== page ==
EspañolWhile the international Ebola outbreak heightens fears around the world, a lethal infection has persisted in Argentina for decades. As in other parts of the world, it is now a true pandemic. But earlier this month, the Argentinean infection advanced beyond its terrestrial borders.
On Thursday, October 16, the Argentinean government launched a geostationary telecommunications satellite into space from French Guayana, and with it, nationalist rhetoric began anew here on Earth.
In a speech to celebrate the satellite’s launch, Argentinean president Cristina Kirchner took every opportunity to highlight the fact that the “satellite was built entirely from Argentinean technology, by Argentinean professionals.” Television and radio stations were required to transmit images of the launch of the Arianne 5 rocket. From beginning to end, the official broadcast was painted with a coat of nationalism.
“Along with the president of 40 million Argentineans, the entire country participates in the historic launch of the ArSat-1 satellite that furthers the effort of satellite sovereignty,” the commentator announced as the broadcast began. After the launch, Kirchner spoke via videoconference with the minister of federal planning, Juilo de Vido.
“I want to congratulate you; we are on the national broadcast,” the president told the only remaining member of the original Kirchner cabinet of 2003. “I would like to address all Argentineans, because we are very excited.” Kirchner used the “royal we,” a grammatical technique that monarchs and popes often use to present themselves as voices of the people.
During this nationalistic circus, a legislator from the province of Jujuy asked the president to name October 16 as the “Day of National Satellite Sovereignty.” As if Peronismo never ended, representative Eduardo López Salgado said: “One more time, from the hand of Peronismo, another momentous milestone for the benefit of all Argentineans has been achieved.”
The creativity used to propel this nationalist spirit is enviable. However, Kirchner’s declarations fell like a house of cards. According to an article published by El Pais, “ArSat-1 is not completely Argentinean, and Argentina was not the only country to participate in its development.” The article identifies European companies like Thales Alenia Space and the intergovernmental company Astrium, as the main suppliers of the technology used in the satellite.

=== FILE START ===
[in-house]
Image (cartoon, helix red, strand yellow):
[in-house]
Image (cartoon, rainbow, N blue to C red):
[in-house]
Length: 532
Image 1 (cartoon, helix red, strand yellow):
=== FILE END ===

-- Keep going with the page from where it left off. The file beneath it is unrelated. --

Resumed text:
National exaltation is a characteristic that is commonly seen in countries that have aligned themselves with 21st-century socialism. “Populism is a central tenant of nationalism, but when ranking problems, nationalism is in first place — in different forms — because nationalism adopts different forms,” Nobel laureate Mario Vargas Llosa explained in an interview with Viva.
Beyond the lies Kirchner offered in her speech, one can’t help but wonder what would have happened if the government of Argentina had attempted to launch a satellite into orbit using exclusively Argentinean technology.
The space mission began on October 1, when the satellite was transported to French Guayana using a Russian plane, and two weeks later it was put in orbit by a European rocket — details the president chose to omit in her epic struggle for autarky. What is usually considered a nightmare, is presented as a dream in Argentina.
These nationalistic tendencies have a clear objective: promulgating the idea that all Argentineans should be proud of a satellite made in Argentina. The speech was an effort to distract the population — at least for a few hours — from the symptoms of recession and the flood of government corruption scandals.
In essence, the declaration of satellite sovereignty is nothing more than the assertion that manufacturing a product entirely within the arbitrary borders of a single country is preferable to trade among individuals and nations. Although “made in” labels are arbitrary, protectionism — or economic nationalism — is one of the hallmarks of Kirchnerismo.
Contempt for division of labor is consistent with this worldview. Cristina and Néstor Kirchner’s chief philosopher and political scientist, Ernesto Laclau (1935-2014), argued that conflict was the force that mobilized society. On the contrary, the process that results from free markets “leads men to regard each other as comrades in a joint struggle for welfare, rather than as competitors in a struggle for existence,” wrote the economist Ludwig von Mises.
Conquer Space, Strengthen Poverty
A satelite financed by taxpayers is not exempt from symbolism. Rather than a sign of prosperity, the US$270 million needed to build the satellite represents the flippant manner in which countries manage tax revenue. If that money had never left the pockets of its legitimate owners, the taxpayers, the construction of the satellite would have been impossible.
This game of appearances is common practice for personalistic and authoritarian regimes. While the population of North Korea suffers from malnutrition, the Kim dynasty detonates nuclear weapons. The same happened in the Soviet Union during the Cold War, where the space race against the United States was a fundamental element of propaganda during the second half of the 20th century.
Governments also ignore the role of the private sector when constructing satellites. In 1974, the Westar 1 was the first US commercial satellite put into orbit by the logistics company Western Union in collaboration with NASA. Today, Space X, a company launched by serial entrepreneur Elon Musk, provides services that allow NASA to carry out unmanned missions to the International Space Station.
However, Kirchner continues playing with her new toys, promoting nationalist sentiment in the government’s parallel reality, as the economic crisis deepens in Argentina.